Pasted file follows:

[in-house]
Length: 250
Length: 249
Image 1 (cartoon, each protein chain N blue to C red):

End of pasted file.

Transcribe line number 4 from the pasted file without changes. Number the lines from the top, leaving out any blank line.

Image 1 (cartoon, each protein chain N blue to C red):